Changes to the taxation of termination payments

Posted by Max Craft on
All PILONs will be taxed from April 2018, but crucially the Government has decided to retain the £30k exemption for other termination payments.

The Government has finally published its Response to the Consultation on the Simplification of the taxation and National Insurance treatment of termination payments launched last summer. In its Response the Government confirms that all Payments in Lieu of Notice (PILONs) will become subject to tax and National Insurance Contributions, regardless of whether or not a contract of employment gives the right to pay in lieu of notice, from April 2018.

As previously announced in the Budget in March this year, employer's National Insurance Contributions will also become payable on termination payments above £30,000 that are subject to income tax. In addition, the Foreign Service exemption will be removed, and there will be clarification over the use of the exemption for death, disability and injury. The Government has also issued a consultation on limiting the range of benefits in kind that attract tax and NIC advantages as part of a salary sacrifice arrangement, although key benefits are protected.

The outcome of the Consultation is significant for employers because essentially the Government has backed down on many of its original proposals. Blake Morgan responded to the Consultation last year and you can view our response here. The original proposals were far-reaching, looking at removing all distinctions between contractual termination payments (which are taxable) and non-contractual termination payments (which may currently benefit from the £30,000 tax exemption), but replacing this with a significantly reduced exemption linked to an employee's length of service and only applicable in limited termination scenarios, such as redundancy.

In our response, Blake Morgan resisted many of the Government's proposals. It was clear that in many ways the proposals had not been properly thought through because the Government's response was expected by the Autumn Statement in November 2015, but HMRC wrote to us and the other respondents saying that "the responses have helped to highlight the complexities of this area" and that the Government would take more time to consider the issues.

We are pleased to see that the Government has now taken on board many of the objections put by us and others and that the outcome is not nearly as radical as it could have been. The taxation of all PILONs is disappointing and may well result in employees losing out, but it is not entirely surprising. It may have limited impact, as it was noted in the consultation process that contractual clauses allowing for PILONs are more and more common (such clauses are often included to ensure there is no breach of contract when making a PILON and so ensure that restrictive covenants remain in force). However, importantly the general distinction between contractual payments made on termination (such as holiday pay) and other non-contractual payments has been retained. Apart from PILONs, those payments on termination that are not normally payable under the contract (such as genuine compensation payments for loss of employment) will continue to benefit from the £30,000 tax exemption.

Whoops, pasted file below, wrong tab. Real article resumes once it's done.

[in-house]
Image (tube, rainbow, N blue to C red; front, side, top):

The payment of employer NICs, from April 2018, on all termination payments above the £30,000 exemption was also announced in the Budget earlier this year. The Government has confirmed that this does not affect employee NICs, and that there will continue to be an unlimited employee NICs exemption on termination payments.

Foreign Service Relief, which provides a tax exemption for employees who have worked outside the UK for particularly long periods, is to be removed. The current tax exemption for death, disability and injury will be retained but it will be made clear that it cannot be used for injury to feelings.  Importantly, the current exemption from taxation of certain legal costs (for example when obtaining independent advice on a settlement agreement) is to be retained. Because the existing exemption of up to £30,000 is being retained, there will not be an additional/separate exemption for unfair dismissal or discrimination compensation.

The Response is accompanied by a further consultation on draft legislation which sets out that any contractual payments and PILONs will be taxed first. PILONS will be assessed on the basis of the value of earnings (including salary, benefits in kind and bonuses) averaged over a 12 week period and calculated according to the notice period the employee would have worked. It also contains anti-avoidance provisions and specifically states that statutory redundancy payments or awards for unfair dismissal are within the £30,000 exemption. Interestingly the draft legislation does contain a power to vary the level of the £30,000 exemption in the future. Following consultation on the draft legislation, which closes on 5 October 2016, it is intended that the provisions will be included in the Finance Bill 2017.

The further consultation has been issued alongside a number of other consultations including one on limiting the range of benefits in kind that attract tax and NIC advantages as part of a salary sacrifice arrangement. However, the Government has confirmed that employee contributions to employer-provided pensions, employer-provided pension advice, employer-supported childcare and provision of workplace nurseries and cycles and cyclist’s safety equipment provided under the cycle to work scheme will remain unaffected.

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Max is a Consultant in our employment team.

Max Craft
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